There’s also intriguing collar-cam footage captured by the U.S. Geological Survey during research in Alaska, showing a polar bear nosing a chunk of ice along and flinging it into the water:

In a Science News article by Gloria Dickie, Stirling suggested this ice-flinging may have been connected with the bear’s hunting of a seal.

Bears in general have long been reckoned quite intelligent by human standards. The manipulation of objects by captive brown and polar bears to secure something tasty suggests that, as the authors write, “an occasional adult polar bear might be capable of mentally conceptualizing a similar use of a piece of ice or stone as a tool to attack the well-protected brain of a walrus in order to kill it.”

Polar bears killing walruses with blocks of ice – maybe smoothed into balls ahead of time – puts them in select company with other non-human animals known to use tools, from chimpanzees and dolphins to crows and octopuses.

The authors of the Arctic paper stress the similarity but also the rarity of Inuit accounts, historical and contemporary, describing this kind of weapon-wielding by polar bears. “The small number of reports suggests to us that the use by polar bears of tools to kill walruses is an unusual event,” they write. Such accounts aren’t, according to the paper, known from other areas of combined polar bear and walrus range, such as the Russian Arctic or Norway’s Svalbard Archipelago.

Yet the special challenge represented by walrus as a potential prey item – as compared to more easily killed seals, for example – might encourage the odd, creative polar bear to go the extraordinary length of employing an object to attack it with. Given bear cubs learn the ropes from their mothers, perhaps it’s a technique passed down from one generation to the next in particular regions.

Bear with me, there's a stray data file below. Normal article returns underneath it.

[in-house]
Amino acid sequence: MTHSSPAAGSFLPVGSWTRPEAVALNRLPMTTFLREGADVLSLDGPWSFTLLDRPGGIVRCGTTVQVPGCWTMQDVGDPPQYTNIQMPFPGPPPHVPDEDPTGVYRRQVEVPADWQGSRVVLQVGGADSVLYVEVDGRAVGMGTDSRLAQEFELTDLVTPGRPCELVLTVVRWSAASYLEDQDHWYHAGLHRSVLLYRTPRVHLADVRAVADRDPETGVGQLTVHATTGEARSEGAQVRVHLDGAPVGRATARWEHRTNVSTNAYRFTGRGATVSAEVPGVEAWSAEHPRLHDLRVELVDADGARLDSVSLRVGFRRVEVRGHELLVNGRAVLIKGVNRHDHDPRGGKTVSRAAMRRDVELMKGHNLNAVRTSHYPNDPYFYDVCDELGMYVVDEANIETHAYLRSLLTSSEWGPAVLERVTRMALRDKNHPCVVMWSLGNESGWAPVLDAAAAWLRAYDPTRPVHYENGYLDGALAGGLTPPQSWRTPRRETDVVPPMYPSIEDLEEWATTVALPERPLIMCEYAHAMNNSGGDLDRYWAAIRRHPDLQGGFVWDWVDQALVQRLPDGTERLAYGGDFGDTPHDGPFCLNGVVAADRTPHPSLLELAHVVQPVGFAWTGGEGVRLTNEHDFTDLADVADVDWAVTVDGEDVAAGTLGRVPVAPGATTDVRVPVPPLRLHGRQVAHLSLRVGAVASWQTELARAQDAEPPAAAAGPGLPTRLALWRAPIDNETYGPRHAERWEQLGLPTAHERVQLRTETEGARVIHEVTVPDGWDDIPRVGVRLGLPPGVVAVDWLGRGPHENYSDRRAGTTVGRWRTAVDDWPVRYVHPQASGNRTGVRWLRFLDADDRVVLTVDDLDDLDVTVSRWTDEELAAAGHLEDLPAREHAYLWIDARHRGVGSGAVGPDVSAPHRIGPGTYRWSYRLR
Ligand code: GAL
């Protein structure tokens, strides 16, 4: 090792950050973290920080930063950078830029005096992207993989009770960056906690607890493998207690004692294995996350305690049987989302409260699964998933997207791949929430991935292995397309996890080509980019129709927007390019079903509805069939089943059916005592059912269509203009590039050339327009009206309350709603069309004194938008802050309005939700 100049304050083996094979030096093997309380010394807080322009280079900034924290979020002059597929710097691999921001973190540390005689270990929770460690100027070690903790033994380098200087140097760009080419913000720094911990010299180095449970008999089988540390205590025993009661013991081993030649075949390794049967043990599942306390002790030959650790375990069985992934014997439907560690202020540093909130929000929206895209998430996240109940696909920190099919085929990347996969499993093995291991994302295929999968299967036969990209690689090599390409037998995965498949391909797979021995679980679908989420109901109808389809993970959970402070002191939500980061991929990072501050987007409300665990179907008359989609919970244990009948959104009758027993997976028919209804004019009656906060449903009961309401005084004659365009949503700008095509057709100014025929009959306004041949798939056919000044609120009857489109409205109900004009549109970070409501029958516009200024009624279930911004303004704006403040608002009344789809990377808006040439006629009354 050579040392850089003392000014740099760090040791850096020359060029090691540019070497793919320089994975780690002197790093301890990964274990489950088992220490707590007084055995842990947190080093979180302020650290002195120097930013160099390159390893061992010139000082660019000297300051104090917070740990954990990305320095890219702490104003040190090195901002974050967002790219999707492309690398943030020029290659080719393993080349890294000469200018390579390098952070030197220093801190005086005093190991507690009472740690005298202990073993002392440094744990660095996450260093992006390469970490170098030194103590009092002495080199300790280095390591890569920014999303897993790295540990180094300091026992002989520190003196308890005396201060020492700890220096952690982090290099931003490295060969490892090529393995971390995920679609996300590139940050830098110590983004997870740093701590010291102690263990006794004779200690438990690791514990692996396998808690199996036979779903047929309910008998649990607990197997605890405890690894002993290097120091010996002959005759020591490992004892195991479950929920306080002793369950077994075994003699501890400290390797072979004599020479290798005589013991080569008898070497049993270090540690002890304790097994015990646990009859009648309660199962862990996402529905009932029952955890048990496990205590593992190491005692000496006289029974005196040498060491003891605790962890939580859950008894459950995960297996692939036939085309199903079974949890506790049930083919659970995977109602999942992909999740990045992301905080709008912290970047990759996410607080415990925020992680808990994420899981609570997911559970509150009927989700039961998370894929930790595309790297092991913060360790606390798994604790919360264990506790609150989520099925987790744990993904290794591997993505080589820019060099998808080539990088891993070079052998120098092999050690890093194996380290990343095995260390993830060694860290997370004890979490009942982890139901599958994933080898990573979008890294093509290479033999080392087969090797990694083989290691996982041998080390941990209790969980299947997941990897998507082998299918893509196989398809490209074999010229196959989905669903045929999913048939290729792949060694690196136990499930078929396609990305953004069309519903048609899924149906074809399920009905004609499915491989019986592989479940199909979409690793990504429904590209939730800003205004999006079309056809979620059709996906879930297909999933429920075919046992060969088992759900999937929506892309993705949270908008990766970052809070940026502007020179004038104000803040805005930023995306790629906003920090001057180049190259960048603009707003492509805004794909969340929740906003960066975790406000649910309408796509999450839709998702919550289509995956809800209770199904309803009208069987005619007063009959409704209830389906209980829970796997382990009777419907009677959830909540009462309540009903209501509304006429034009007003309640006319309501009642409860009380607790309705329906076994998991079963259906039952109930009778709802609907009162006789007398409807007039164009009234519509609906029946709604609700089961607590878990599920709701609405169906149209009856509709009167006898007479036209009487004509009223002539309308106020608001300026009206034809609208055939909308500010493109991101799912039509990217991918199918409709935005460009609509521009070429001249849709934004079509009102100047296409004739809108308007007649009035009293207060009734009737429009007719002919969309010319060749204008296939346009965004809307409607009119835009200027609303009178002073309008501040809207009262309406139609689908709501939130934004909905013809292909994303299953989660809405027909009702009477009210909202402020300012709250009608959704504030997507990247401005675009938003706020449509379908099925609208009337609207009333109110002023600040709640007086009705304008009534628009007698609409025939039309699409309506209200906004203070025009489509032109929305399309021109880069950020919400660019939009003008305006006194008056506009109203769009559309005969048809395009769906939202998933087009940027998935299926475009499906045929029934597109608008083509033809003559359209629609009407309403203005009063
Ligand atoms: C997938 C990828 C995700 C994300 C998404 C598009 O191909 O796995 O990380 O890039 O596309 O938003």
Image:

The new paper also shines more spotlight on the immense value of TEK for scientific understanding of wildlife behaviour and other ecological phenomena. Speaking to Live Science, Stirling said, “I have always been impressed with the accuracy and reliability of animals reported by experienced Inuit hunters, so I thought it was likely the accounts might not just be myths but the result of actual observations, even though the behavior itself is likely quite rare.”

Finally, we’d be remiss not bringing climate change into the discussion: One of many concerns about the drastic reductions in Arctic sea ice underway because of warming temperatures is increased reliance by walruses on land-based rather than offshore haul-out sites, which may increase predation risk from polar bears (and trampling risk to calves, to boot).

Header image © Hans-Jurgen Mager